The tree structure can be established for example during the network configuration, which can be done either by the network administrator or by the Internet Service Provider. The establishment of the tree can be done by means of multicast routing protocols, which are used for building multicast distribution trees. The examples of the multicast distribution trees are spanning tree, shared trees, source based trees or core based trees. A detailed description of these trees can be found in “IP Telephony:Packet-based multimedia communications systems” by Hersent, O., Gurle, D., Petit, D., Addison-Wesley, Harlow, 2000. The tree can be built either between the cache engines or between the routers associated to these cache engines.
The communication between two nodes within a tree structure, which is required to apply caching can be performed by means of a point to point protocol. The requirement of such protocol is the possibility to send a signaling message between the communicating nodes informing these nodes about the subsequent operation. For example in order to move a cached content a signaling message is sent and afterwards the cached content is moved. Other operation belonging to the cache mechanism is the deleting of a cached content as a consequence of a cache refresh message. These requirements of such kind of a point to point protocol are fulfilled for example by the different application protocols like HTTP, which can be enhanced with the corresponding inter cache engine communication, by the Transmission Control Protocol TCP or by a dedicated protocol between the cache engines. The last-mentioned protocol has the advantage that it can be updated with smaller effort in comparison for example to HTTP.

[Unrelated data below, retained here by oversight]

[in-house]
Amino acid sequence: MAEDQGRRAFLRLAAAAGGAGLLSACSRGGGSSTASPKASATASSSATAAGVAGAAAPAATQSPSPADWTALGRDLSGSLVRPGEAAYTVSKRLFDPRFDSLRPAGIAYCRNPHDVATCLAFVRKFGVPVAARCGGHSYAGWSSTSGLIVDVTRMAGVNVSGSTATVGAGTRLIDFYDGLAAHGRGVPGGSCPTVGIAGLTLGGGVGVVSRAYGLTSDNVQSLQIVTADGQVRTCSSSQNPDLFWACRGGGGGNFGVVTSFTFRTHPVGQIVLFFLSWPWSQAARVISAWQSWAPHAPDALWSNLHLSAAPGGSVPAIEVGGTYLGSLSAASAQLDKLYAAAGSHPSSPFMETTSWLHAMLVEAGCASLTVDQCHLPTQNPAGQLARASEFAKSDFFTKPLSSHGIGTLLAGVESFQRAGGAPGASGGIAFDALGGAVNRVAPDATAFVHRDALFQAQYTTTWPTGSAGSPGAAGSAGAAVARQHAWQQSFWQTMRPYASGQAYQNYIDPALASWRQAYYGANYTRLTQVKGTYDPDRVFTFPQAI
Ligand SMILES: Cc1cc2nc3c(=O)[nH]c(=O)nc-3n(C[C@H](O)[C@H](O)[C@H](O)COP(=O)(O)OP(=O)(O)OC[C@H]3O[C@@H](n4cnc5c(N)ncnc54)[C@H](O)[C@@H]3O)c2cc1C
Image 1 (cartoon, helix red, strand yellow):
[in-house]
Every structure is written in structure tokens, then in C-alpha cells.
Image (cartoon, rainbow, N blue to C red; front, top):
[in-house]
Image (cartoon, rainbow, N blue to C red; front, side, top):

In the following an overview of the operation belonging to cache mechanisms, among other the content request handling, the content return handling, the content refresh handling, the moving of the content, the content replication and the access statistics handling required for carrying out the present invention is given.
In particular in the following paragraph the request handling for accessing a cached information and the content return handling in a communication network with a hierarchical architecture is described in respect to
In step 10 the host sends a request message for information to the server. The request is sent up the caching tree until the cache engine closest to the requesting host is reached. The closest engine checks if it has the requested information available, 20. In case of having the information the cache engine closest to the requesting host sends it back, otherwise it adds an indication to the request message that this node wants to store the requested information, 30. This node stores also the notification that it wants to cache the content. This notification can be either a flag or an address. The request message with the added indication is forwarded 40 towards the server, 50 to the next cache engine, which checks the availability of the requested information, 60. This node either has the requested information, or it has a pointer to the location of the requested information, 140 or it has none information regarding the required content. In case this node has the requested information available a check of the usage of the information by other hosts connected to this cache engine is performed, 70. For example in case the usage expressed in access statistics is low the requested information is moved to the cache engine closest to the requesting host. Otherwise, when the usage of the cached content is high, the actual cache engine can decide to keep the content, in this case it returns the required content and additional it sends a notification of keeping the cached information. It can also decide to replicate the content among the cache engines or to move it up the tree in case other sub-trees access the content also very regularly.